Temporary Restraining Orders

Temporary restraining orders are orders that may provide the same restrictions but longer than an emergency protection order. It still depends on the circumstances surrounding the domestic violence case but it usually lasts up to 25 days. 

When a person files for domestic violence & restraining orders in CA, the court might issue the hearing at a later date. A temporary restraining order can provide protection to the victim for the time being. This can also order the restrained person from making any contact with the protected person. It is also possible to make them leave the house and allow you temporary child custody.

Permanent Domestic Violence Restraining Orders

After filing for domestic violence, you will be scheduled to attend a hearing that you may attend in person or remotely. You may be granted by the court a permanent domestic violence restraining order also called a restraining order after the hearing. This type of restraining order can last up to 5 years. 

Generally, if this is issued without a termination date, the order will last up to 3 years from the date of issuance. If the protected person wants to extend the validity of the order, they may do so by making a request from the judge during the last 3 months prior to the order’s expiration. It may be extended to another 5 years or even indefinitely if the judge deems it necessary.  

What Is Domestic Violence & Restraining Orders In CA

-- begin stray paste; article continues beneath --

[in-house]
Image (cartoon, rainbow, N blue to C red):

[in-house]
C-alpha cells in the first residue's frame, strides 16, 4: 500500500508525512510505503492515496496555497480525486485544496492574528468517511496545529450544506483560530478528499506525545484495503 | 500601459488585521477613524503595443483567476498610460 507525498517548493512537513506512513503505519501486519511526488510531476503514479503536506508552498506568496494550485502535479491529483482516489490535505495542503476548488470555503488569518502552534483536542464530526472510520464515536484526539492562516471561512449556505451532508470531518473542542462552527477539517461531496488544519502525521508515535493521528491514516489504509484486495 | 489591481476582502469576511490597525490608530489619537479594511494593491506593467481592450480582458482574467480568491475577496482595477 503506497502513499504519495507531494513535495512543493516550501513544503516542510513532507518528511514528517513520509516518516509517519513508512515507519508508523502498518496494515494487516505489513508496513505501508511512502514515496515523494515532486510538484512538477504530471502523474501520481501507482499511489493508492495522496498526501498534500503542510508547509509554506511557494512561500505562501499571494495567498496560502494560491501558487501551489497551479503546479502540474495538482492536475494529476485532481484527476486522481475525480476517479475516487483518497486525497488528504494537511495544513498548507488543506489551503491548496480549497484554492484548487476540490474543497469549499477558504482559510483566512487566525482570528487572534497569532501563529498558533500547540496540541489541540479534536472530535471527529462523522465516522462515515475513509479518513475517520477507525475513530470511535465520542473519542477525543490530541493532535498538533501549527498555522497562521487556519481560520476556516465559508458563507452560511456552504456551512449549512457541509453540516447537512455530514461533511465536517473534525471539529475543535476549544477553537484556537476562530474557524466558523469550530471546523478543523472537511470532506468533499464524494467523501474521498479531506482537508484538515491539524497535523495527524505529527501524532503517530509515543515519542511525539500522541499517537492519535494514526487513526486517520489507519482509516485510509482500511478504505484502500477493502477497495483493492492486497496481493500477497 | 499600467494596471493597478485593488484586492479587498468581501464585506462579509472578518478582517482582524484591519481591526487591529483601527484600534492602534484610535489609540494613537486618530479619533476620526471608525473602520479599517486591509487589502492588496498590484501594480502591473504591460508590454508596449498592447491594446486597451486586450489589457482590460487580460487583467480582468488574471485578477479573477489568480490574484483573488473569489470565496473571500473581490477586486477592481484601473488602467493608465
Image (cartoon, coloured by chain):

California Family Code 6211 defines domestic violence as abuse committed by certain individuals like a current or former spouse, someone you have a child with, a person you are dating, or anyone related to you within the second degree by consanguinity or affinity. CA family codes 6203 and 6320 consider behavior abuse when they do the following:

  • To intentionally or recklessly cause someone physical injury.
  • Sexually assaults an individual.
  • Threatens or harasses a person.
  • Molests a person.
  • Stalking.
  • Destroys a person’s personal property.
  • Other acts that are considered as disturbing someone’s peace.

Being aware of these conditions can help an individual identify abuse and whether there is a need for a domestic violence restraining order. There are different types of restraining orders that can be granted during different phases of a domestic violence case. There is the emergency protection order which may be given immediately after domestic violence is reported. 

In addition that is, the temporary restraining order granted before a hearing, and the permanent restraining order is given after the hearing. A DVRO can prevent further harm from reaching you or any of your family members. Having an experienced lawyer who understands domestic violence & restraining orders in CA can walk you through this process in detail which is an essential part of achieving a more peaceful way of living. 

Who Can File For Domestic Violence & Restraining Orders In CA

A restraining order may be requested for you or your child who is a minor. You may also request an order from a judge if you or any of your children experience any kind of abuse from the following: 

  • A spouse or an ex-spouse.
  • The mother or father of your child or children.
  • The person you have or had an intimate relationship with.
  • A family member, including your in-laws.

A restraining order may be requested as long as terms and conditions are met. A minor who is 12 or older is also allowed to request the order by themselves. However, if the child is under 18, they must send a copy of the restraining order to at least one of their parents or guardian, unless stated otherwise by the judge.  

How To File For Domestic Violence & Restraining Orders In CA